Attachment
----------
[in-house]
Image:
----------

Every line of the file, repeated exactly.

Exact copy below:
[in-house]
Image: